The grape harvest is in full swing in Ontario, but if it weren't for a historical misunderstanding, the grape growers in Niagara would be harvesting raisins instead.
In French, the word raisin designates grapes collectively. A grappe (related to “grapple”) was a hook used for harvesting, and so a grappe de raisin was a “hookful” of grapes.
The English, who had little to do with this fruit before the French invaded, got confused, and thought that the word meaning “bunch” was the name of the fruit, and that's why we call them grapes. But we also cannily realized that keeping “raisin” allowed us to make a distinction between the fresh and the dried fruit.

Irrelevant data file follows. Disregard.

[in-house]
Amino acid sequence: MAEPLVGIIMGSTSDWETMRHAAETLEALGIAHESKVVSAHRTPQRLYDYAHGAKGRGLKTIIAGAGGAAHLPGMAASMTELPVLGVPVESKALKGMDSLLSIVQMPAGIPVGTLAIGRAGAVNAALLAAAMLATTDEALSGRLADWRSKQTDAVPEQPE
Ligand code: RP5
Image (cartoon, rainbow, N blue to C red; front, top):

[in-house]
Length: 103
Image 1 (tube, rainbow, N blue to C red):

COMING THIS FALL! My ever-popular Rollicking Story of the English Language course. REGISTRATION NOW OPEN AND SPACE IS LIMITED. More info here: http://katherinebarber.blogspot.ca/p/history-of-english-language-courses.html
P.S. If you find the English language fascinating, you might enjoy regular updates about English usage and word origins from Wordlady. Receive every new post delivered right to your inbox! SUBSCRIPTION IS FREE! You can either:
use the subscribe window at the top of this page
(if you are reading this on a mobile device): send me an email with the subject line SUBSCRIBE at firstname.lastname@example.org